DS106 and Tracdat: Perfect Together

Constant back and forth between detail and strategy is one of the things that make my job challenging. I feel most grateful that I have Curtiss Grymala and Pam Lowery to count on for a lot of the deveIlopment and user training work. This allows me to focus more on strategic planning, trends research, testing, meetings (and meetings and meetings), and even some experimentation during the day. Which isn’t to say that I don’t do my own fair amount of user support (I really love the folks at UMW so it’s not a problem), content management, coding, image editing, and the like. It’s just no longer the main thrust of what I do on a day-to-day basis.

The balance between creating tangible product and advancing intangible ideas is a line I am uncomfortable straddling. Last year, immersed in the implementation of a new website, there was no time to think of such luxuries as strategic planning for the Web. The past year I’ve been getting my sea legs with “well, we’ve got the site, now what?”

Enter Tracdat, our institution’s technology tool for assessment and reporting of each administrative and academic area’s activities throughout the year. The past few days, I’ve immersed myself in the narrative of what we planned and what we did and what we have to do. Gathering documents and screenshots together, I’ve tried to represent an accurate picture of what we hoped to accomplish, and what we have accomplished this past year. It’s an anxiety-producing exercise for me.

When Tracdat was getting me down, I switched over to DS106, and my alter ego. There were the intermittent tweets as my alter ego, and tweets as me. Mid-morning, I attended a Google Hangout in full character costume (wig, sweatband, sunglasses), listening to the brilliant Bryan Alexander actually saw fit to respond to one of my questions (what a privilege), horsing around with students, online educators, and assorted Camp Magic MacGuffin aficionados. Pure chaos of the stealthily productive variety.

Following the 90 minute online discussion, I removed the wig and returned to Tracdat. At about 4 pm, after picking up my daughter at school, I went outside and took a photo for the daily create, uploading it to Flickr. Then, I went back and finished up not only Tracdat, but my IE Report for the year (a summary for the Board of Visitors about what happened this year, and what we recommend for next year).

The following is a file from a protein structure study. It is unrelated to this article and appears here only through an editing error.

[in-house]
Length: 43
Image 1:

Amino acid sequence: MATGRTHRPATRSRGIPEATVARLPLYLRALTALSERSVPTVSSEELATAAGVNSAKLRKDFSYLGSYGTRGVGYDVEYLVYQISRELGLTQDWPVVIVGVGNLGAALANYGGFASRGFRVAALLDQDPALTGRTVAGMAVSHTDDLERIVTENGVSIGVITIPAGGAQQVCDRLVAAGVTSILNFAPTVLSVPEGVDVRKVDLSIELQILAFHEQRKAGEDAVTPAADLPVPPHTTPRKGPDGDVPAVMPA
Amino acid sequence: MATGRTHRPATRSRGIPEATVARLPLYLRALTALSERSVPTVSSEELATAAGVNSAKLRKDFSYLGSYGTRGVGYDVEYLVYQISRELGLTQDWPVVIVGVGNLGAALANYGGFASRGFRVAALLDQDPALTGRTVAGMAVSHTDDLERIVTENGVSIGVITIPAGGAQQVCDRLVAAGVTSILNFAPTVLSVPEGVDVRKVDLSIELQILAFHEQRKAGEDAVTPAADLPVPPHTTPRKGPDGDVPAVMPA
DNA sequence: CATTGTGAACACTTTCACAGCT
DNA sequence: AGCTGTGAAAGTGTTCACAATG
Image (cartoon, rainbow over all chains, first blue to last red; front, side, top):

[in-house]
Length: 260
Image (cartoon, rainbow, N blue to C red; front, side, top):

I submitted my final Tracdat report at the end of the day and received a rating of “Awesome!” from our institutional research person. (To the extent that a coherent report in an institutional assessment tool can be considered an accomplishment, well, that’s an argument for another day. Mastering the mundane realities of employment are not so sexy as nailing that final philosophy paper, but it’ll have to do for now.)

I have to admit that in the past couple of years, I’ve watched DS106 from the sidelines, wondering what the heck Jim Groom in a bald wig had to do with higher education. I began to make a connection yesterday between what it means to be a liberal arts institution and the core mission of enabling students to be able to think, a rare skill in our supposedly skill-obsessed world. DS106 appears to require that I develop a nimbleness needed to bounce among the array of digital and creative possibilities in service to advancing coherent ideas.

That would put Jim Groom in a bald wig right in the crosshairs of our institution’s mission of “providing a superior education that inspires and enables our students to make positive changes in the world.”

What a logo that would be.


#1 Alan Levine (@cogdog) on 05.31.12 at 2:41 pm

Who is “Jim Groom”? 😉

You’ve been bringing A+ game to ds106, so put that in your tracdat and ______ it. Seriously, you bring much to this experience, so I hope you can keep switching hats and personalities.

#2 Cathy Finn-Derecki on 05.31.12 at 6:07 pm

Apparently, this “Jim Groom” “made us.” Or so says Jim Groom.